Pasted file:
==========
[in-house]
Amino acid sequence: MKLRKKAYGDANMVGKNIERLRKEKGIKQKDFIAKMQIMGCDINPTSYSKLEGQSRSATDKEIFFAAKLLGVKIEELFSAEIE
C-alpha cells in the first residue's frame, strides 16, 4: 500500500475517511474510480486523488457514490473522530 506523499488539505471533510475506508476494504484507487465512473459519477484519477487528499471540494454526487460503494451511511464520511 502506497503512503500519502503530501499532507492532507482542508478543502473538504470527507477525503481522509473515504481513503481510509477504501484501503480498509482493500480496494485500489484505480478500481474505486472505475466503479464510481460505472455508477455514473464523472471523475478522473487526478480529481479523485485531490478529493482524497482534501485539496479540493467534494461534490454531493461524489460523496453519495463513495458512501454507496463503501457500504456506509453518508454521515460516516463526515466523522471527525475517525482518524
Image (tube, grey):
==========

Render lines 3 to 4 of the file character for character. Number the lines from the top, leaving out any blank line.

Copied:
C-alpha cells in the first residue's frame, strides 16, 4: 500500500475517511474510480486523488457514490473522530 506523499488539505471533510475506508476494504484507487465512473459519477484519477487528499471540494454526487460503494451511511464520511 502506497503512503500519502503530501499532507492532507482542508478543502473538504470527507477525503481522509473515504481513503481510509477504501484501503480498509482493500480496494485500489484505480478500481474505486472505475466503479464510481460505472455508477455514473464523472471523475478522473487526478480529481479523485485531490478529493482524497482534501485539496479540493467534494461534490454531493461524489460523496453519495463513495458512501454507496463503501457500504456506509453518508454521515460516516463526515466523522471527525475517525482518524
Image (tube, grey):